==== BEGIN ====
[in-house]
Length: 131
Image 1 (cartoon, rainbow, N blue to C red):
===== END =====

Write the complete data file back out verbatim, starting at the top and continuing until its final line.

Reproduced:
[in-house]
Length: 131
Image 1 (cartoon, rainbow, N blue to C red):